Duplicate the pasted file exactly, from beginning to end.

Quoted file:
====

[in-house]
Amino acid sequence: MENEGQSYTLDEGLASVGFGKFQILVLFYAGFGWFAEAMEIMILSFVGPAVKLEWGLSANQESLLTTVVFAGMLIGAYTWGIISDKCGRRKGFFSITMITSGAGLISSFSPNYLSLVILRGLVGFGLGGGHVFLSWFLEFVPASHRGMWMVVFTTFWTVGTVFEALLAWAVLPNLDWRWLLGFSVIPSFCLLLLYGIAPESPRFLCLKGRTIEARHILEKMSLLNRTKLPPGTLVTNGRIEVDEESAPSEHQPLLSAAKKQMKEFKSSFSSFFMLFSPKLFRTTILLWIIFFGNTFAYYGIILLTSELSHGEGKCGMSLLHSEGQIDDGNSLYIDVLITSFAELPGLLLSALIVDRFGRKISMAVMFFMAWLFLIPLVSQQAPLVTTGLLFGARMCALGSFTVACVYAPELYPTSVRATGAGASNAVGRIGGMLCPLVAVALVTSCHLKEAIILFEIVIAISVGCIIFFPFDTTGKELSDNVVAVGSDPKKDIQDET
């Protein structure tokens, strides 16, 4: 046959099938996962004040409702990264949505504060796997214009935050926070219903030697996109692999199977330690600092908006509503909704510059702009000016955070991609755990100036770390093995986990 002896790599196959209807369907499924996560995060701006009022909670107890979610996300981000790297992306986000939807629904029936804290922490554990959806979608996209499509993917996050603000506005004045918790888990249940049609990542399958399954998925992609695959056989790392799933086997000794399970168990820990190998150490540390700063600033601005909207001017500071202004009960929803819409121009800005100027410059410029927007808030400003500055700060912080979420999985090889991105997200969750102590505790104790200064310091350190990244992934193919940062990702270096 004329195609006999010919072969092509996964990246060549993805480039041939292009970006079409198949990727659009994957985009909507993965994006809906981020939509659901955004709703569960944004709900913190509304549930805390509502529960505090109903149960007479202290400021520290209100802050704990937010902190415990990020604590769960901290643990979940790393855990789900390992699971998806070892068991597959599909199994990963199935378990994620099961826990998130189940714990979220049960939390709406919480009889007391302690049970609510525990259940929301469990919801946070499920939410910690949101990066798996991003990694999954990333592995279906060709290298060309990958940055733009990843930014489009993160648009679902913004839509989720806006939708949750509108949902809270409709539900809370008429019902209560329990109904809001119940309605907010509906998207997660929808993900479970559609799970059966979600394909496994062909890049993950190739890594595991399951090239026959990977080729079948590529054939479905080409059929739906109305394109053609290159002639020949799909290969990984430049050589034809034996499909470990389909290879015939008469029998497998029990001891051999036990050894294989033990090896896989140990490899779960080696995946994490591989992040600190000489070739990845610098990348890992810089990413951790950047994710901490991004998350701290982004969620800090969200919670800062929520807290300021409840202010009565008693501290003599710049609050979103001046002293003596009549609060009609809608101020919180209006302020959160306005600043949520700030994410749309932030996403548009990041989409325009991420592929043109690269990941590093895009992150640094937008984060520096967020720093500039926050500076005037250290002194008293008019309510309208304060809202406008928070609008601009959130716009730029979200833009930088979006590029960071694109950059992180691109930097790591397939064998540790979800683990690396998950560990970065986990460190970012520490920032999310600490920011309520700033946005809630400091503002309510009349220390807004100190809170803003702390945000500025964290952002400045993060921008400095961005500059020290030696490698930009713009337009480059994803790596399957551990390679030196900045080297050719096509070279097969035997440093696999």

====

[in-house]
Amino acid sequence: MENEGQSYTLDEGLASVGFGKFQILVLFYAGFGWFAEAMEIMILSFVGPAVKLEWGLSANQESLLTTVVFAGMLIGAYTWGIISDKCGRRKGFFSITMITSGAGLISSFSPNYLSLVILRGLVGFGLGGGHVFLSWFLEFVPASHRGMWMVVFTTFWTVGTVFEALLAWAVLPNLDWRWLLGFSVIPSFCLLLLYGIAPESPRFLCLKGRTIEARHILEKMSLLNRTKLPPGTLVTNGRIEVDEESAPSEHQPLLSAAKKQMKEFKSSFSSFFMLFSPKLFRTTILLWIIFFGNTFAYYGIILLTSELSHGEGKCGMSLLHSEGQIDDGNSLYIDVLITSFAELPGLLLSALIVDRFGRKISMAVMFFMAWLFLIPLVSQQAPLVTTGLLFGARMCALGSFTVACVYAPELYPTSVRATGAGASNAVGRIGGMLCPLVAVALVTSCHLKEAIILFEIVIAISVGCIIFFPFDTTGKELSDNVVAVGSDPKKDIQDET
């Protein structure tokens, strides 16, 4: 046959099938996962004040409702990264949505504060796997214009935050926070219903030697996109692999199977330690600092908006509503909704510059702009000016955070991609755990100036770390093995986990 002896790599196959209807369907499924996560995060701006009022909670107890979610996300981000790297992306986000939807629904029936804290922490554990959806979608996209499509993917996050603000506005004045918790888990249940049609990542399958399954998925992609695959056989790392799933086997000794399970168990820990190998150490540390700063600033601005909207001017500071202004009960929803819409121009800005100027410059410029927007808030400003500055700060912080979420999985090889991105997200969750102590505790104790200064310091350190990244992934193919940062990702270096 004329195609006999010919072969092509996964990246060549993805480039041939292009970006079409198949990727659009994957985009909507993965994006809906981020939509659901955004709703569960944004709900913190509304549930805390509502529960505090109903149960007479202290400021520290209100802050704990937010902190415990990020604590769960901290643990979940790393855990789900390992699971998806070892068991597959599909199994990963199935378990994620099961826990998130189940714990979220049960939390709406919480009889007391302690049970609510525990259940929301469990919801946070499920939410910690949101990066798996991003990694999954990333592995279906060709290298060309990958940055733009990843930014489009993160648009679902913004839509989720806006939708949750509108949902809270409709539900809370008429019902209560329990109904809001119940309605907010509906998207997660929808993900479970559609799970059966979600394909496994062909890049993950190739890594595991399951090239026959990977080729079948590529054939479905080409059929739906109305394109053609290159002639020949799909290969990984430049050589034809034996499909470990389909290879015939008469029998497998029990001891051999036990050894294989033990090896896989140990490899779960080696995946994490591989992040600190000489070739990845610098990348890992810089990413951790950047994710901490991004998350701290982004969620800090969200919670800062929520807290300021409840202010009565008693501290003599710049609050979103001046002293003596009549609060009609809608101020919180209006302020959160306005600043949520700030994410749309932030996403548009990041989409325009991420592929043109690269990941590093895009992150640094937008984060520096967020720093500039926050500076005037250290002194008293008019309510309208304060809202406008928070609008601009959130716009730029979200833009930088979006590029960071694109950059992180691109930097790591397939064998540790979800683990690396998950560990970065986990460190970012520490920032999310600490920011309520700033946005809630400091503002309510009349220390807004100190809170803003702390945000500025964290952002400045993060921008400095961005500059020290030696490698930009713009337009480059994803790596399957551990390679030196900045080297050719096509070279097969035997440093696999």